"The story needs to be told about the community and why they do it, it needs to go all the way to [Mumbai]," Arsiwala said about the Dawoodi Bohra sect. "If we ban this in the U.S. and don't put pressure on India and other countries, then they will take their children to India, Pakistan and Bangladesh to get it done, and I'm concerned that the sanitary conditions for the procedures will be substandard."

Female genital mutilation is difficult for authorities to track when young girls travel in and out of the country.

He is referring to what's become known as "vacation cutting." FGM performed abroad and arranged for by family, often while visiting their countries of origin. (This is what happened to Taher).

Congress passed a provision to end vacation cutting in 2013, but female genital mutilation is difficult for authorities to track when young girls travel in and out of the country.

Shelby Quast, director of Equality Now America, said there are no statistics for the number of girls sent abroad to be cut; most of what they know comes from anecdotes from survivors or concern from girls fearing their families may send them away for vacation cutting.

"We need much better data in this county. We need to be collecting this and talking about this issue," Quast said. "We need protocol questions that doctors ask, making it a clear and mandatory part of protocol."

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Quast said the only way to combat FGM in the U.S. and abroad is through broader education in medical communities and schools, as well as wider discussions with communities and religious leaders.

In some places, that kind of conversation is starting to happen. On June 5, the board of directors at the Dar al-Hijrah Islamic Center in Northern Virginia, which subscribes to a different sect than the Dawoodi Bohra, condemned comments from their leading Imam Shaker Elsayed on FGM.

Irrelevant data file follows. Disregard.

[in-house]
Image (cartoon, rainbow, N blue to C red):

Leaked video of Elsayed at a family life lecture showed him advising worshippers to cut "the tip of the sexually sensitive part of the girl so that she is not hypersexually active." He warned that, "in societies where circumcision of girls is completely prohibited, hypersexuality takes over the entire society and a woman is not satisfied with one person or two or three."

Elsayed was originally removed from his position, but issued a "Statement of Clarification," on his lecture, which he recanted two days later. Dar Al-Hijrah reinstated Elsayed later that month, making their stance on female genital mutilation even more muddled, confusing followers and adding to the secrecy of the procedure.

Religious leaders spoke against FGM at the End Violence Against Girls Summit on FGM in December 2016, stating that the procedure is not required within the religion.

"It's very powerful when it comes from experts within the religion or community, when they say, 'No, we are not advocating for this,'" Quast said.

There's also a lot of misinformation. The right-wing group, ACT for America, designated by the Southern Poverty Law Center as an extremist group, has claimed that honor killings and FGM in the nation indicates the rise of Sharia law across the U.S., staging protests against Muslims and Islam in the U.S.

"We know it's happening across states in the U.S. We know it's an issue not just in Muslim communities, but across all communities," Quast said.

Texas passed a law on June 9 of this year that criminalizes vacation cutting. Alaska, Maine and Massachusetts are tackling FGM-related legislation as well.

Taher, who co-founded an organization to end female genital mutilation in Dawoodi Bohra and other Asian communities worldwide, said she expects additional criminal cases to emerge.

"This is something that's been highlighted in the Dawoodi Bohra community, but [FGM] is something that's very global – it crosses city lines, race lines, educational backgrounds, religion lines," Taher said.

We need a bigger, broader discussion, Quast said. "It's yet another form of not protecting girls."

This article has been updated to clarify the petitions against FGM in India and to indicate Elsayed was reinstated to his position.